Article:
Balancing of ocean acidification by superoxide redox chemistry?

Ocean acidification is typically caused by production of carbonic acid (H2CO3) through the dissolution of increasing atmospheric CO2, which adds to CO2 plus DIC (dissolved CO2, H2CO3, HCO3, and CO32–) produced in seawater by several processes including biological ones (primary production followed by respiration).(1-3) Acidification can decrease the saturation states of carbonate minerals, which may considerably endanger the dynamics, structure and biodiversity of coral reefs and other marine calcifying organisms.(2, 3) The consequence is the decline in the early development stages of shellfish, coral reefs, or other marine calcifiers, with impacts on fertilization, sexual reproduction, cleavage, larval settlement, survival and growth, finally causing a substantial population decline.(2) Decline in shellfish or coral reefs, which form the foundation of marine ecosystems, would markedly affect the whole food webs and marine population dynamics.(2)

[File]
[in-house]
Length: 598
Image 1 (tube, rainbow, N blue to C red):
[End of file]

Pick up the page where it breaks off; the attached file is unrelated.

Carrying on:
Mostofa K. M. G., Liu C.-Q., Minella M. & Vione D., 2013. Balancing of ocean acidification by superoxide redox chemistry?. Environmental Science and Technology. Article.

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